Student Use Of An Online Textbook: Even If it's Free, Will They Buy It? Allied Academies International Conference.Academy of Educational Leadership. Proceedings / 15 (1) / 2010 / pp. 44-49 / Sherry Robinson
The amount of money that university students spend on textbooks each year is a major concern to many groups, from students, to parents, to teachers and school administrators. One possible solution to this problem is the use of lower cost electronic textbooks. This study examines the practices of students who were offered a free online textbook or a low-cost paper version of the same book. The results show that many students did not use the book even when it was offered at no cost, and the majority of those who used the book purchased a paper copy.
Although students frequently express concerns about the price of textbooks, and many say they cannot afford to buy a given textbook for a class, almost half of the students in this survey still did not use the book even when it was offered free of charge. On the other hand, one-third of the students still chose to buy the book in order to obtain a paper copy. This is similar to Allen's (2008) findings that 60% of students would still buy a textbook even if a free e-book were offered if the paper copy was available for $30-40. It is also consistent with Vernon (2006) who expected that students would prefer the cost-savings of an e-book, but found they would rather spend money to read from paper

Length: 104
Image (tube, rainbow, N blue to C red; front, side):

This research was limited to two small sections of a course given in a single semester. Future research should further examine student use of textbooks and their preferences for various formats given various prices. As e-books become more common and the technology to read them develops so that physical discomfort is reduced, readers preferences may change.
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